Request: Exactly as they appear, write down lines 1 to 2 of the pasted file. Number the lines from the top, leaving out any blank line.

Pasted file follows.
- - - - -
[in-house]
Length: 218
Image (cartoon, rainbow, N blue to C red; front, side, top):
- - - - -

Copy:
[in-house]
Length: 218